Kids go crazy for shaving cream! Most kids love cars,too. This activity combines both. This sensory activity combines pretend play with mathematics.
***If you are doing this activity with very young children, or children who may put their hands in their mouths,please consider substituting Cool Whip for shaving cream. Of course, check for allergies first. Cool Whip does not burn eyes, but shaving cream will!
First, let me say that this sensory activity can be a stand alone play exploration. Play for the sake of play is important! If you want to add another layer of interest, you might consider adapting this for mathematics learning.
The premise of this activity: children will clean the cars in order to find the numeral on the bottom. They will match this numeral to the correct parking space. Several variations can be made to this game. See the end of this post for more ideas.
Setting up the activity:
1. Gather cars that your child would not mind getting wet.
2. Using a permanent marker, write numbers on the bottom of the cars. I wrote the numbers 1-10. I did find that I had to cover some of the numbers with clear nail polish (the shaving cream took the permanent marker off the shiny silver cars).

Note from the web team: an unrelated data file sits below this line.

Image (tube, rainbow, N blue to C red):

3. Using the permanent marker, write a ten frame on acheap tarp (I bought mine from the dollar store). These will be your “parking spaces.”
4. Set out a tub or bowl of water for rinsing the cars. Provide sponges and toothbrushes for cleaning.
5. This is the fun step! Cover the cars in shaving cream.
6. Invite your children to play.
Why is this activity beneficial?
- Fine motor skills: Children are using different grasps to manipulate the cars, toothbrushes, and sponges.
- Social skills and Communication: Children have to negotiate who will get to use which tool. Theywill need to take turns with the items. Older siblings can help younger siblings find the right parking space.
- Mathematics: Number recognition and matching numerals.
How can this activity be adapted?
- You can go beyond simply matching the numeral on the car to parking spot. Children can put the appropriate number of cars in each parking spot. For example, two cars would go in the 2 space, and five cars in the 5 space.
- Older children can combine numbers using addition and match the set of cars to the parking space sum. For example, car 3 and car 4 could both be parked in space 7 (3+4=7).
- If you made a bigger parking lot, you could try the same with multiplications facts.
- If you have lots of cars, you could do this same activity with the alphabet.
Do not stress about making this activity ACADEMIC. Let the children explore the materials. The first time you present this activity, the children may not show an interest in matching the numbers to the parking spaces. They need time to become comfortable with the materials before they are ready to explore it in a new way. Maybe the next time you make this activity available, your children will be ready to try adding this new layer.
I I would love to know how you plan to incorporate this into your summer routine! Leave a comment below!